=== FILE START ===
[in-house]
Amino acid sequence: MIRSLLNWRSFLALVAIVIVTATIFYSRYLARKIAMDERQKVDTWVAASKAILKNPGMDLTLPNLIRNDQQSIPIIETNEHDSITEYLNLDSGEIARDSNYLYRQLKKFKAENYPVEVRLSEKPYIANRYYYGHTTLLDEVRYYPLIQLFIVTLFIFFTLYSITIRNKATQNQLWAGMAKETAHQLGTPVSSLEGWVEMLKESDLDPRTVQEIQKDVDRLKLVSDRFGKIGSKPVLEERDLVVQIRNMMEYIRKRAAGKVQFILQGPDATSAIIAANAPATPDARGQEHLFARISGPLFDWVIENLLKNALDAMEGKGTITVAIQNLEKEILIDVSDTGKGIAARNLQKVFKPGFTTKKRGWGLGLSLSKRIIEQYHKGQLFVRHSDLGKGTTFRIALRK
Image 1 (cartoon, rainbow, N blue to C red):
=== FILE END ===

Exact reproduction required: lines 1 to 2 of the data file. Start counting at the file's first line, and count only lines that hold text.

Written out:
[in-house]
Amino acid sequence: MIRSLLNWRSFLALVAIVIVTATIFYSRYLARKIAMDERQKVDTWVAASKAILKNPGMDLTLPNLIRNDQQSIPIIETNEHDSITEYLNLDSGEIARDSNYLYRQLKKFKAENYPVEVRLSEKPYIANRYYYGHTTLLDEVRYYPLIQLFIVTLFIFFTLYSITIRNKATQNQLWAGMAKETAHQLGTPVSSLEGWVEMLKESDLDPRTVQEIQKDVDRLKLVSDRFGKIGSKPVLEERDLVVQIRNMMEYIRKRAAGKVQFILQGPDATSAIIAANAPATPDARGQEHLFARISGPLFDWVIENLLKNALDAMEGKGTITVAIQNLEKEILIDVSDTGKGIAARNLQKVFKPGFTTKKRGWGLGLSLSKRIIEQYHKGQLFVRHSDLGKGTTFRIALRK